Sailing in heavy winds can help you cover many cruising miles. Not only does it help you cover lots of water in short amounts of time, but it is also fun and exciting — and a good challenge as well. You are harnessing the infinite power of the wind, taking control of the rough waves, while staying in control and at the same time, sailing safely and well. Here are some tips for sailing in rough waters.
One of the challenges of sailing in rough weather is depowering enough to remain in control of the ship — not too much of course, but just enough to battle the big waves that come with high winds while maintaining a good speed. And of course, the slower that you go, the longer it will take you to ultimately reach your destination — and this is something that is a given.
Techniques included in depowering are reducing the ‘angle of attack,’ increasing or decreasing the twist, and flattening the sails. There are just a few of the steps of dealing with increasing wind power. When these methods aren’t doing enough, you should take up stronger more efficient methods to maintain safety and speed. Additionally, the larger waves that tend to accompany higher winds pose just as much as a problem as the winds do. Waves make everything difficult, like depowering and navigating. Sailing ‘underpowered’ in waves can be dangerous and frustrating, as it makes it harder to maintain control. The biggest part of the challenge lies in keeping an adequate amount of power to get you through the waves — while simultaneously staying in control. Not to mention, pounding while upwind against an ever-growing angry sea can also prove dangerous. The constant violent motion can endanger gear and anyone on the ship.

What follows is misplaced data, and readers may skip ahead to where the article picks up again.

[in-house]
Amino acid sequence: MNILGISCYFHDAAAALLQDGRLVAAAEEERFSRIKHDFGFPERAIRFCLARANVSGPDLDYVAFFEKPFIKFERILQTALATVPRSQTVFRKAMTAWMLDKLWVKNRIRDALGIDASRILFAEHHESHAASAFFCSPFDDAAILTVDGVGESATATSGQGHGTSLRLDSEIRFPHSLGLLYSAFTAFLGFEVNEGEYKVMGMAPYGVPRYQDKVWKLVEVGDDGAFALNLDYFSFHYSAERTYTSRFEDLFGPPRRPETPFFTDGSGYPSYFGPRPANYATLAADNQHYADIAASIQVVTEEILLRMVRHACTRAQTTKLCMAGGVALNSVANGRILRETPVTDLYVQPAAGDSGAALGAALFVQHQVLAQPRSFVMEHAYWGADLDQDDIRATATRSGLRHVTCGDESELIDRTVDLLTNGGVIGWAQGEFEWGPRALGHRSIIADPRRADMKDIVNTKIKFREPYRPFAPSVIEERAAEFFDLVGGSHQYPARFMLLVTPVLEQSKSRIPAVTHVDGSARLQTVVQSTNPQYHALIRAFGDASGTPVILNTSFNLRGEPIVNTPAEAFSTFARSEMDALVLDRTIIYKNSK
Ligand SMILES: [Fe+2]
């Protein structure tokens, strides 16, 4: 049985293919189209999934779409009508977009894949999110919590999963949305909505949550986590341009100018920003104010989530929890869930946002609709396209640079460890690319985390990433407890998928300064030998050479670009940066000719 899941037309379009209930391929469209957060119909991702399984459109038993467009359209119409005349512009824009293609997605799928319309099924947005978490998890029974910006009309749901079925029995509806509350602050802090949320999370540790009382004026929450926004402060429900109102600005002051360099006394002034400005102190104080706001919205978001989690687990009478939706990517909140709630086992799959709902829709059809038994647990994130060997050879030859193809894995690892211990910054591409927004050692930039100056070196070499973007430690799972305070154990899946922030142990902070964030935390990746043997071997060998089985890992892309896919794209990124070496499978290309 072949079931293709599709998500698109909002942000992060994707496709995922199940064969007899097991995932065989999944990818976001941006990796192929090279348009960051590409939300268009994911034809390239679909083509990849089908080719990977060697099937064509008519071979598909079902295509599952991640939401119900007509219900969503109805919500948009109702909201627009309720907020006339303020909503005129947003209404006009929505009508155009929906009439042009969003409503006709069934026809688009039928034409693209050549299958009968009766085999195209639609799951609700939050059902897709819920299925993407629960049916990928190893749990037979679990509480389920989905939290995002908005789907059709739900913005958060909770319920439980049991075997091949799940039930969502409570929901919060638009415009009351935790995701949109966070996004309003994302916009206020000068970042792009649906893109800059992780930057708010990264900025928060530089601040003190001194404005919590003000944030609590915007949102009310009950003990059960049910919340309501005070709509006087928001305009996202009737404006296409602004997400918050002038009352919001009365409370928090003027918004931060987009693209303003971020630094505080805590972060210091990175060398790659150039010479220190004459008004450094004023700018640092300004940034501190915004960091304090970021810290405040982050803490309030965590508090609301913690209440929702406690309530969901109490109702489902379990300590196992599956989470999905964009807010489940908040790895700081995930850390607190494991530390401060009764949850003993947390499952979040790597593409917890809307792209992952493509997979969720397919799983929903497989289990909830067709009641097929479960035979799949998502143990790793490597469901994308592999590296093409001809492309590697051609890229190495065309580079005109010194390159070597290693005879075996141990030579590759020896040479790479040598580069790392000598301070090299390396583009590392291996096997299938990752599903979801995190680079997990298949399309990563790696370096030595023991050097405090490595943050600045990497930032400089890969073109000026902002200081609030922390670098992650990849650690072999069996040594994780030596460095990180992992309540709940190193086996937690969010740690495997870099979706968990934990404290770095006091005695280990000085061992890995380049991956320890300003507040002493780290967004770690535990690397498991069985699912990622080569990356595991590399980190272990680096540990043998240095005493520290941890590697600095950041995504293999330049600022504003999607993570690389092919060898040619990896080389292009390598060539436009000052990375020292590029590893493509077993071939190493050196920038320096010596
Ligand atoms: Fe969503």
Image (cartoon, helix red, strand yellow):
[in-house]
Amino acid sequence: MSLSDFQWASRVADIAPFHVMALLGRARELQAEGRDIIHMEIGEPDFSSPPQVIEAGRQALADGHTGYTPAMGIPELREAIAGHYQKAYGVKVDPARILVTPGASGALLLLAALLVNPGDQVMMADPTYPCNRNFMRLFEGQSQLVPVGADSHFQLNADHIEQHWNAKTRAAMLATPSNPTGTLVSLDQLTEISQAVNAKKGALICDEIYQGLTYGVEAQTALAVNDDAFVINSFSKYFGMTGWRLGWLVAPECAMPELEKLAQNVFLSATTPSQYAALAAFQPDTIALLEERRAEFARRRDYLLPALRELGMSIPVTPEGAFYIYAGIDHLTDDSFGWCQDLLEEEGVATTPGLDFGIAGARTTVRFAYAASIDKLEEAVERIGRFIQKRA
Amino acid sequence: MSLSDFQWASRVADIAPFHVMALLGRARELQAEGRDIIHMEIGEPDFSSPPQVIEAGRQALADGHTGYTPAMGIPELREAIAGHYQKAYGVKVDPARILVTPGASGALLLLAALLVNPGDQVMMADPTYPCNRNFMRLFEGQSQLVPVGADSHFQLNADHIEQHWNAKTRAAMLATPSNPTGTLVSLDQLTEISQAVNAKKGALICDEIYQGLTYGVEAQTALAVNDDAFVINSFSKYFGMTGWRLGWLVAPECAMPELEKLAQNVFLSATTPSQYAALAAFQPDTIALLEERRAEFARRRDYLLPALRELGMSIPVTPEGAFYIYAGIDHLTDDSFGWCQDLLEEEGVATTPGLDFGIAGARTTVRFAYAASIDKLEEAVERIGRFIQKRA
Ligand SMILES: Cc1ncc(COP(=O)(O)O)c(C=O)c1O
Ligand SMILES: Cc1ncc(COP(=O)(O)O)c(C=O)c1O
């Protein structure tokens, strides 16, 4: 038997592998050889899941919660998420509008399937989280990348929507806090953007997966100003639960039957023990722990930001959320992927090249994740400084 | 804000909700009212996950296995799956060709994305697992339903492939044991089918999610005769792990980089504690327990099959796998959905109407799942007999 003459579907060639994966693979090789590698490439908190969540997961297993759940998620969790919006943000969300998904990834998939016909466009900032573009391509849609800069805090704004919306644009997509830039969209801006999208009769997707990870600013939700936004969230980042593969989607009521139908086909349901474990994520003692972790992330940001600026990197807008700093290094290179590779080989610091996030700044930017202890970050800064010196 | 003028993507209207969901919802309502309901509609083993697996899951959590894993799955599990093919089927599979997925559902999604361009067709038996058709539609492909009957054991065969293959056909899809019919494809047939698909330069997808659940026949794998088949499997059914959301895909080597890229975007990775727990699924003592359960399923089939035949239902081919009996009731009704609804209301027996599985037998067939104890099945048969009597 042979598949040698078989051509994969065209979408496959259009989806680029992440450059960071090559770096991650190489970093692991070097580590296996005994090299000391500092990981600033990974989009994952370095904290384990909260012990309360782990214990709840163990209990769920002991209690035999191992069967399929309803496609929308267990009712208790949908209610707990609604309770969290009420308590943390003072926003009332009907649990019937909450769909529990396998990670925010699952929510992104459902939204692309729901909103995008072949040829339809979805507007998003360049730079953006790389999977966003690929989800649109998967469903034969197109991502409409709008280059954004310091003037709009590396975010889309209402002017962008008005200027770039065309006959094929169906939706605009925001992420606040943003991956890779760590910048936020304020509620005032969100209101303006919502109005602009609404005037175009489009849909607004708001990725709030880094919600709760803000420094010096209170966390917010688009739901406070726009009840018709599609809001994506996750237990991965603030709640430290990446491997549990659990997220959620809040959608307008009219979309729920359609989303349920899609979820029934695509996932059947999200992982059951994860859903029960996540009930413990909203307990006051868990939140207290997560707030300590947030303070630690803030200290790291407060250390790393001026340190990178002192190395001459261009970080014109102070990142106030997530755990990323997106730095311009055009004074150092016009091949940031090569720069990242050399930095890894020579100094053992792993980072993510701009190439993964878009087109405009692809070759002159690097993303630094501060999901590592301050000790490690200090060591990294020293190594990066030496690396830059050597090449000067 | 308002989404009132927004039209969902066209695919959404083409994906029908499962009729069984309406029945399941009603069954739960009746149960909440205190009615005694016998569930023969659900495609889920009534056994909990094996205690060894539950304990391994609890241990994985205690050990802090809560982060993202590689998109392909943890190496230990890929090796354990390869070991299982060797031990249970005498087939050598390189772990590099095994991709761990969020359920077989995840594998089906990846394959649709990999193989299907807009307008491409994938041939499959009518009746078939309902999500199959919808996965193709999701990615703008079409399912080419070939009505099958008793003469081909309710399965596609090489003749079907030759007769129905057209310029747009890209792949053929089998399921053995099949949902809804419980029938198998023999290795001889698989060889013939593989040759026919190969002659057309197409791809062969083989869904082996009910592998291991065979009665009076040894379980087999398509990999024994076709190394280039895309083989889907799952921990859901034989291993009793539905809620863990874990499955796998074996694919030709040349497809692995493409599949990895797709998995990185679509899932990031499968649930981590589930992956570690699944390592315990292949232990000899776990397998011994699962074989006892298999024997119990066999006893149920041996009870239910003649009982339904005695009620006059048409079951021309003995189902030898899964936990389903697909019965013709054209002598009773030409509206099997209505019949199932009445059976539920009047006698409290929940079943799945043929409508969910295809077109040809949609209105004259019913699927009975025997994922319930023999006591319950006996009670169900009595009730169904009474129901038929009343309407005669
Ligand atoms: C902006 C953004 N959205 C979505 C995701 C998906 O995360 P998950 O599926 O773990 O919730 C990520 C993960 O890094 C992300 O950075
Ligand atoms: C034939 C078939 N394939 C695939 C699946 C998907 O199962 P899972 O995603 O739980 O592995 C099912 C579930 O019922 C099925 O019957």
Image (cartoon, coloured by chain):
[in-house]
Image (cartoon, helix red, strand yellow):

However, there is a variety of ways to stop the heavy pounding. One thing that you can do is add what sailors call “twist” to the trim for a wider steering. What adding twist to the trim does is it allows you to steer around bigger waves without too much resistance. After this, the next step would to be changing your speed. For instance, sailing faster might allow you to coast through the big waves easier — essentially smoothing out the ride. Then, you can ease the sails, and optionally, bear off a few degrees.
Of course, you can always just simply slow down. If your sailboat is flying off the waves like there is no tomorrow, all you have to do is shorten the sale and reduce speeds. This will most likely keep the boat in the water. As previously mentioned, slowing down even a little bit can dramatically increase the pleasure being derived, by increasing comfort and smoothness. However, slowing down is not always the solution that you are looking to find. Depending on the waves and speeds of the wind, you may just want to speed up so that you can easily soar through the waves. It all depends on the desired outcome of the ride and how fast you are trying to go. Read more in here for tips for sailing in rough water.